On the way up to Purdue country, I confessed my desire to ask every bartender we met about their favorite combination for a boilermaker. I mean, Purdue is home to the Boilermakers. Certainly, even the craft beer joints have been asked to make a boilermaker for some annoyingly drunk alum at some point.
What craft beer and what whiskey would go great together, I pondered. I was hoping for some wild suggestions. But of the two joints we hit, neither had been asked to make a boilermaker before. The Lafayette Brewing Company doesn't even serve whiskey at its main bar (they do on the second floor, which is set up for events, concerts, etc.).
A bit disappointing? Yes. Did it stop us from marching on? Not at all. Our first stop: Lafayette Brewing Company (622 Main Street, Lafayette, IN, http://www.lafayettebrewingco.com/), where Greg and company have been producing craft beer since 1993. This is my third trip to LBC; this is the first for Mike and Gina.
Gina commented, "I love Lafayette Brewing Company's cozy atmosphere." When we visited, the restaurant and bar were full of warm colors and wood finishes. The long bar faces an antique back bar complete with mirrors, perfect for people watching. While sitting at the bar, to your left you can watch the brewmasters perform their trade through a set of windows.
You would certainly call this a pub. It has all the feel of an English establishment, but on a larger scale. Families are served from the dining room side of LBC and the entire venue is non-smoking.
Before we talk about the beers (which is the reason we are here to begin with), I want to talk about the people. As we all know, a good bar or brewpub is more than a physical space and a collection of alcoholic beverages. It is also about people.
People behind the bar, like Kelly, who was very friendly and knowledgeable. And people at the bar, like James.
James is a well-known regular. He's Irish ex-pat who is a professor at Purdue. Mention the professor to bar staff or regulars, and they will know who you are talking about immediately. James likes his beers. And his engineering background leads him to do some things many of us don't do.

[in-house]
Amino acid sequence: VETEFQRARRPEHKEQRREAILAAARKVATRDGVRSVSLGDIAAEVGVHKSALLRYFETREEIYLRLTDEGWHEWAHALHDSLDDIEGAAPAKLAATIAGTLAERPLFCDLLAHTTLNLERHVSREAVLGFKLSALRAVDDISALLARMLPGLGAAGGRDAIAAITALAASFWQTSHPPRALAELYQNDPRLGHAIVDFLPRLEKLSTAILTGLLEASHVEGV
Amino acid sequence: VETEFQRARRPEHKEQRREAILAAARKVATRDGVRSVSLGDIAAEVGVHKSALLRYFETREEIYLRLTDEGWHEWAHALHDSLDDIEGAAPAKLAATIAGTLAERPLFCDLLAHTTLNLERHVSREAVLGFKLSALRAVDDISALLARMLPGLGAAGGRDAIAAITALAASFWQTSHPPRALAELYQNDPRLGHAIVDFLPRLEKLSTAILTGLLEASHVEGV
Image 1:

For example, he carries with him a flexible thermometer. This particular thermometer is designed to wrap around glasses and give the temperature of the contents within. It is normally used by those who enjoy wine. But he likes to use it on his pints of beer.
This particular beer (I believe it to be the "Eighty Five") comes up between 16 and 18 degrees Celsius. That's about 60 to 64 degrees Fahrenheit to you and me. Does that tell us a whole lot? Not necessarily. It's just interesting (and James likes his beer cooler than what you stereotypically expect from an Irishman).
Along with the fascinating quirks, he also was a great resource for identifying beers to try (he recommends blending the Eighty-Five and the Prophet's Rock Pale Ale...unfortunately, the latter was not on tap during our visit) and places to visit (along with Lafayette's Black Sparrow, Knickerbocker, Chumley's, and West Lafayette's Scotty's Brewhouse, he suggested we check out Preston's, which reportedly always has Bell's Two Hearted on tap...unfortunately, we did not hit all of them; a list for a future visit!).
So if you are at LBC, and you see the good professor (and you like to talk to people, like I do), be sure to strike up a conversation with James.
Okay, on to the beers...
Between the regular, seasonal, speciality, and cask conditioned beers, there were around a dozen originals to choose from. We sampled all, but elected to fully explore and review a few. Among them, LBC's most popular beer:
Tippecanoe Common Ale.